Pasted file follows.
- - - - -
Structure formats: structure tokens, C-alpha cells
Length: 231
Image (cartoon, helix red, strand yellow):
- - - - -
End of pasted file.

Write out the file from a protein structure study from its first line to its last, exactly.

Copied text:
Structure formats: structure tokens, C-alpha cells
Length: 231
Image (cartoon, helix red, strand yellow):